What is Encryption Software?

Instructor: Sudha Aravindan

Sudha Aravindan has taught high school Math and professional development in Information Technology for over 10 years. Sudha has a Doctorate of Education degree in Mathematics Education from the University of Delaware, USA, a Masters degree in English Literature from the University of Kerala, India, a Bachelor of Education degree in Teaching of Math from the University of Kerala, India, and a Bachelor of Science degree in Math, Physics and Statistics from the University of Kerala, India. Sudha has a certificate in Java programming and Statistical Analysis.

Encryption software is software that can encrypt data and files to help keep sensitive data secure. In this lesson, learn about its history as well as different keys needed to decrypt the software.

What Is Encryption Software?

You are a consultant working on a highly secure program for the government. As you work on your project you also need to attach files that contain privileged information and communicate by email with specialists from different parts of the world. What would you need to do to make sure that your email communications are secure?

One way you can keep your email communications secure is by using software known as encryption software. The encryption software will allow you to encrypt files that contain important information that you do not want to be seen by prying eyes. When you encrypt the files, the software will prompt you for a key or a password. You would then send the encrypted files by email to the members of your team. Those who need to open and read the files should have access to the same software and the key that was used, so that the files can be decrypted and made readable.

Encryption software converts plain readable files and text into text that cannot be deciphered using known human languages. Encrypted text is also called Cipher text and the software uses mathematical algorithms or logic to convert readable text into an unreadable format. Once encrypted, you will need to decrypt the file in order to read it. For example, if you try to open an encrypted file in Word, all you will see is garbled text.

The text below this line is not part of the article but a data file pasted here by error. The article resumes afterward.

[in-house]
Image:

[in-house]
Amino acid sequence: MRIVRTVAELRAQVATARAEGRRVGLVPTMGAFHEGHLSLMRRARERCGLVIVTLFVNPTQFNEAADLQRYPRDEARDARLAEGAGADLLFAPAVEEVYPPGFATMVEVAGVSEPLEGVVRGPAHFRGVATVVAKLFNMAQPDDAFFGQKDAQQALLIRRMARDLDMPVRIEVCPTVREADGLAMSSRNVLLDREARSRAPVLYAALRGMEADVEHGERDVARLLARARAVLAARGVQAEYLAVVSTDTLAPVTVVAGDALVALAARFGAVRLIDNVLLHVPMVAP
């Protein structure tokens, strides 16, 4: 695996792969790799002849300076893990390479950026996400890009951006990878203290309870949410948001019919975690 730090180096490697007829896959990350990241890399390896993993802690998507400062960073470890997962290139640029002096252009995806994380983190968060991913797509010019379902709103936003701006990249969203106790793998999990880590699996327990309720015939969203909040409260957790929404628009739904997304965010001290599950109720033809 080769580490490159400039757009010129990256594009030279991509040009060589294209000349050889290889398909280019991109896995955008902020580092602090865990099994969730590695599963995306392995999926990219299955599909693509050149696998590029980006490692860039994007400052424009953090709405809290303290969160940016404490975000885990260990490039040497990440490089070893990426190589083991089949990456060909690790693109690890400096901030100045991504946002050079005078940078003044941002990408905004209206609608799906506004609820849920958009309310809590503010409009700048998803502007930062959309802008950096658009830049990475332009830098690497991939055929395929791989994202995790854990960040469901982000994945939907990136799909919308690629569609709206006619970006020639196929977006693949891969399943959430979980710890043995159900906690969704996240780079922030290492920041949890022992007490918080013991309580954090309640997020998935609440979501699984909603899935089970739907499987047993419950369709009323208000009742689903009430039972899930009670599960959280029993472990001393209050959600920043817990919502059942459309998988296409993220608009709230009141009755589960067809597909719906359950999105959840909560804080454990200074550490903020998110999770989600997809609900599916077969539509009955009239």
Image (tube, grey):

History of Encryption

Encryption tools have been in use since historical times long before the days of computers and the internet. One of the earliest methods was the use of a Scytale which consisted of wrapping a piece of parchment paper around a cylinder with a certain diameter to encrypt messages, especially for use on a battlefield. The recipient would have to wrap the parchment around a cylinder of the same diameter and read while unwrapping for the message to be decrypted. In this case, the diameter of the cylinder was the key for decryption of the message.

Another method of encryption used in ancient times was known as Caesar Cipher. Here the letters in a word or sentence were shifted to the right or left of the alphabet sequence by a known number of places. The receiver and the reader would not be able to decipher the message unless they knew the key, which in this case was the number of places and the direction of the shift.

Modern Encryption Software

In today's world we cannot imagine life without the use of computers and laptops. What if you have important information on your laptop that you cannot afford to be lost or stolen? You could save all the critical files to a folder on your desktop and then encrypt the entire contents of the folder using encryption software.

There are specialized encryption software programs for encrypting files and emails. Some software requires that the recipient needs to have the same software installed for decrypting. However, there is some encryption software that does not require the recipient to have the same software installed on his device, and this can be especially useful when sending encrypted files through email.

Keys Used in Encryption Software

There are two kinds of keys used in encryption software, symmetric keys and asymmetric keys. Both methods use keys to encrypt and decrypt the electronic data (files and email messages), but the way in which the keys are used is different.

Symmetric Key or Private Key

When both the encryption and decryption method use the same key, it is known as the symmetric key method for encryption. For example, in Word you can protect a document using a password, to make the document not editable. If you create the document and protect it using a password, then someone else who needs to edit the document would have to remove the protection using the same key or password that you created.

Some encryption software uses this method for email as well. If you encrypt files using a password and send the files by email, the person receiving the files will need the same password that you created in order to be able to decrypt and read the files.

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